Speaking of my hood, she's speaking of my hood. "Oh my gosh, you're so furry, I love it," she says without any intonation to warn me whether she's being sincere or catty. I'm dressed pretty provocatively myself, so my bitchiness radar is set to high sensitivity. So far this weekend no one's been anything but complimentary of my outfit, but I'm a middle-aged woman in footless fishnets and I'm decidedly on guard. And since the oversized frames hide her eyes, at first I'm not even sure that she's talking to me. "All pink and furry. I just want to rub you." Yep, she's talking to me.

"Go ahead." I smile at her, realizing that nineteen is probably pushing it. She's like a much younger, much frailer Juliette Lewis. But by now our group, which has been waiting in the hotel carport for our ride to the festival, is climbing into the van that's just pulled up. I get in ahead of Terence and for the half-second it seems like she might sit directly beside him my stomach clenches ever so slightly...but then she announces her intention to take the back row instead. "Like the bad kids," she cracks, and everyone laughs louder than necessary. Than they would, I suspect, if the person making the joke wasn't a topless teenaged girl.

Her companion is a slight, sweet-faced kid in a homemade Pinocchio costume, with massive dark eyes that dart about excitedly, taking everything in. This is their first festival. She is clearly the alpha, he the adoring sidekick. I ooh and ahh over his every button and ribbon as he twists around to show them off. Meanwhile the girl stretches her arms out across the seat back, wondering aloud how many Alice in Wonderland costumes they'll see at the festival. Her body language is calculated to declare casual self-confidence but the stiffness of her shoulders, slouched slightly forward, betrays a touch of self-consciousness. I want to tell her it doesn't get any easier with age. But that if she's so comfortable with her body already, she might just get through it better than most. Instead Terence and I advise her and her friend on what sets to catch. Neither of them know any of the performers.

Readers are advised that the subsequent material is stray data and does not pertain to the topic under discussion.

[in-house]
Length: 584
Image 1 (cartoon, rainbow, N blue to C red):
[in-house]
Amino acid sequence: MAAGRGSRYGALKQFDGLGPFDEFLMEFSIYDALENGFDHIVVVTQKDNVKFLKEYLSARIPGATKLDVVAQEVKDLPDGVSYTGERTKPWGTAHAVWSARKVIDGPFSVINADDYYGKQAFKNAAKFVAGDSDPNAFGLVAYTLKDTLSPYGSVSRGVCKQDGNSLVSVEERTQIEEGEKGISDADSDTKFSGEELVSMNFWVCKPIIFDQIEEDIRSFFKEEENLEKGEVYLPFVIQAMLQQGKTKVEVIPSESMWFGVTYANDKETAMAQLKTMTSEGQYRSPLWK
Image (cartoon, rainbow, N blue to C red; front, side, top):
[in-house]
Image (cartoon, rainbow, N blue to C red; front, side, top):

"I like shit like this," she explains, pointing at the van's ceiling to indicate the music playing. "That dirty, ratchet shit." I twist my lips, pretending to think. I hate trap and have no idea what to tell her, but Terence chimes in with suggestions. When he's done, a wave of warmth comes over me. "You don't have any kandi!" I say, as if only now noticing her bare forearms, snow white and thin as reeds.

"I knowww!" she says, with exaggerated mournfulness.

"Okay well I'm giving you this." I separate an elastic bracelet of pony beads from the cluster on my left wrist and carefully pull it over the others towards my left hand. The beads are red, black, white, and light blue - the colors of the classic Disney character's frock. In the center of the kandi are spaced three short words. I doubt she'll get the secondary or tertiary references but considering her earlier comment I can't resist. It's just too perfect. Also, it's the tightest kandi I made and wouldn't fit a wrist much bigger than hers or mine. She lowers her sunglasses for the first time and the youthfulness of her saucer-sized eyes makes my heart thud. The intelligence, too. Ratchet shit, my ass. This girl is playing a part. There's more underneath the rebellious-Hot Topic-model-hoping-to-scandalize-everyone-with-bare-breasts act, I can tell.